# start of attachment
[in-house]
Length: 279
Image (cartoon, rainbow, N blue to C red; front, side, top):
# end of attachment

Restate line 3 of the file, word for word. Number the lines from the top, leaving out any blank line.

Image (cartoon, rainbow, N blue to C red; front, side, top):